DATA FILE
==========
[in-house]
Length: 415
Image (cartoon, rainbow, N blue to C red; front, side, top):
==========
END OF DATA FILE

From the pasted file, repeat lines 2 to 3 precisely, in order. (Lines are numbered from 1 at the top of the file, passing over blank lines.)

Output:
Length: 415
Image (cartoon, rainbow, N blue to C red; front, side, top):